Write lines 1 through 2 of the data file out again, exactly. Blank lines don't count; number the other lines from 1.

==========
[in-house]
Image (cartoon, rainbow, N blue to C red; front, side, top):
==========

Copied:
[in-house]
Image (cartoon, rainbow, N blue to C red; front, side, top):